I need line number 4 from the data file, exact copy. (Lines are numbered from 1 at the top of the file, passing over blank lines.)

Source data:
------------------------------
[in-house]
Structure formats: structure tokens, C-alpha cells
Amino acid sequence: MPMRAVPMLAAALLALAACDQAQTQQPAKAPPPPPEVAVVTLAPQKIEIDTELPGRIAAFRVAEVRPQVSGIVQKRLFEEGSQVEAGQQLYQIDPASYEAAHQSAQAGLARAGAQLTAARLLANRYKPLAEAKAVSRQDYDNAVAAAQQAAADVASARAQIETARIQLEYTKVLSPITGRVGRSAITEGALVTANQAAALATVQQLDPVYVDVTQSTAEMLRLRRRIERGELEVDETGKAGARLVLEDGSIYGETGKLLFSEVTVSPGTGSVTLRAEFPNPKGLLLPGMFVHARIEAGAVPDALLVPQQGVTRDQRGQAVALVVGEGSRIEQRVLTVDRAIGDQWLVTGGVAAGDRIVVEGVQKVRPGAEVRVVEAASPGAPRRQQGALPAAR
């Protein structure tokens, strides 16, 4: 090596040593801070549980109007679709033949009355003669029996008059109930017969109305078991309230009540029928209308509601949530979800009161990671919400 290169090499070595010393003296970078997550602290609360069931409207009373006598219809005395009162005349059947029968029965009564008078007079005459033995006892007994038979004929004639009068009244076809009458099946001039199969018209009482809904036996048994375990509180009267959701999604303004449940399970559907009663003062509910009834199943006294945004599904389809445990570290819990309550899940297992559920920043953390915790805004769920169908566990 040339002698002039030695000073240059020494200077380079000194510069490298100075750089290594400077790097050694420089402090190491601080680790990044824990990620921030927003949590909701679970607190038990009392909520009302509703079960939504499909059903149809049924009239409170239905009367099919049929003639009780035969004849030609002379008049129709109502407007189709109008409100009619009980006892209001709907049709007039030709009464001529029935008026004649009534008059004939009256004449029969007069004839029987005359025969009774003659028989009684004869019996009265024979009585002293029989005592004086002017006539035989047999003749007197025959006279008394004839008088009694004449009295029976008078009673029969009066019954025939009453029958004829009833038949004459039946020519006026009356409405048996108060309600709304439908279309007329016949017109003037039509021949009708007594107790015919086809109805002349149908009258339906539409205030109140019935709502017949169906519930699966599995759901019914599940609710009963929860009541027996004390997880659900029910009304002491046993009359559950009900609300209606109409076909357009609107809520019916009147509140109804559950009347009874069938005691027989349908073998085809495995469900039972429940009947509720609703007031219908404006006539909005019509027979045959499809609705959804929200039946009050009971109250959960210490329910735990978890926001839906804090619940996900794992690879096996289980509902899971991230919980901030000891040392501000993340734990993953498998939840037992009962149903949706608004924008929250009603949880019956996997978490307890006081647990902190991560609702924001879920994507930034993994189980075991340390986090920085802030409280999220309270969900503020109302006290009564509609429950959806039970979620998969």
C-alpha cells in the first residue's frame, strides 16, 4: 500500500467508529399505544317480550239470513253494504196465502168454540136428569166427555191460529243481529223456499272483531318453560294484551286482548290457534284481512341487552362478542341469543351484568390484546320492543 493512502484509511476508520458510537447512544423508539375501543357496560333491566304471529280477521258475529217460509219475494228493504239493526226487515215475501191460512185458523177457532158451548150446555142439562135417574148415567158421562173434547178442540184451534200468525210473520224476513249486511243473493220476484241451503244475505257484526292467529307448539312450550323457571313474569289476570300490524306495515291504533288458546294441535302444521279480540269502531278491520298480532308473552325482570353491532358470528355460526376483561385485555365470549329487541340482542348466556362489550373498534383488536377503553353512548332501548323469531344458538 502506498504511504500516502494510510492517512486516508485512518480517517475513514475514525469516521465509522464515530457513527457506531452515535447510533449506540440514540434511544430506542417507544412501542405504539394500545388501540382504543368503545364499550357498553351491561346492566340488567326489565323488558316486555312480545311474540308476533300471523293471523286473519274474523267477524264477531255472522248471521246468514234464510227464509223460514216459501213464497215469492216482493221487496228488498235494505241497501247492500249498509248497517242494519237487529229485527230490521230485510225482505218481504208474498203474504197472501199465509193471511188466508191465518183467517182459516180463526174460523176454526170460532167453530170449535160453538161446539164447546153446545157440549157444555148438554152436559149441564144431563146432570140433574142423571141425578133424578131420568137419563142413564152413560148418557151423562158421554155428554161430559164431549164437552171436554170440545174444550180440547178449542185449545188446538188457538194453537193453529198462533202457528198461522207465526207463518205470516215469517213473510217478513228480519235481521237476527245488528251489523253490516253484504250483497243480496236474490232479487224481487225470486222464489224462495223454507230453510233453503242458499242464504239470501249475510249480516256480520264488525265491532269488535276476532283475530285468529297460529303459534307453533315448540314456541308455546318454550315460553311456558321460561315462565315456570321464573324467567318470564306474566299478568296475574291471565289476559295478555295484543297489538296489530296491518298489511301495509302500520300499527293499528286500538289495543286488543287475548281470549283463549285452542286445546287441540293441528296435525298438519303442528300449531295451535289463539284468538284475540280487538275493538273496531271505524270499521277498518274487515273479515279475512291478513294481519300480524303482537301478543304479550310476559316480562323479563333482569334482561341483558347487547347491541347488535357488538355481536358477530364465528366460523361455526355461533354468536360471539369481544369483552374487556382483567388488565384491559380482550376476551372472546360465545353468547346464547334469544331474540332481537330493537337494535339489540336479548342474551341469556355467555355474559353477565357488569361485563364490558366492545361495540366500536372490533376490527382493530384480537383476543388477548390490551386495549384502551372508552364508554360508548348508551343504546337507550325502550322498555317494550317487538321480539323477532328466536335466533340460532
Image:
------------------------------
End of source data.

């Protein structure tokens, strides 16, 4: 090596040593801070549980109007679709033949009355003669029996008059109930017969109305078991309230009540029928209308509601949530979800009161990671919400 290169090499070595010393003296970078997550602290609360069931409207009373006598219809005395009162005349059947029968029965009564008078007079005459033995006892007994038979004929004639009068009244076809009458099946001039199969018209009482809904036996048994375990509180009267959701999604303004449940399970559907009663003062509910009834199943006294945004599904389809445990570290819990309550899940297992559920920043953390915790805004769920169908566990 040339002698002039030695000073240059020494200077380079000194510069490298100075750089290594400077790097050694420089402090190491601080680790990044824990990620921030927003949590909701679970607190038990009392909520009302509703079960939504499909059903149809049924009239409170239905009367099919049929003639009780035969004849030609002379008049129709109502407007189709109008409100009619009980006892209001709907049709007039030709009464001529029935008026004649009534008059004939009256004449029969007069004839029987005359025969009774003659028989009684004869019996009265024979009585002293029989005592004086002017006539035989047999003749007197025959006279008394004839008088009694004449009295029976008078009673029969009066019954025939009453029958004829009833038949004459039946020519006026009356409405048996108060309600709304439908279309007329016949017109003037039509021949009708007594107790015919086809109805002349149908009258339906539409205030109140019935709502017949169906519930699966599995759901019914599940609710009963929860009541027996004390997880659900029910009304002491046993009359559950009900609300209606109409076909357009609107809520019916009147509140109804559950009347009874069938005691027989349908073998085809495995469900039972429940009947509720609703007031219908404006006539909005019509027979045959499809609705959804929200039946009050009971109250959960210490329910735990978890926001839906804090619940996900794992690879096996289980509902899971991230919980901030000891040392501000993340734990993953498998939840037992009962149903949706608004924008929250009603949880019956996997978490307890006081647990902190991560609702924001879920994507930034993994189980075991340390986090920085802030409280999220309270969900503020109302006290009564509609429950959806039970979620998969």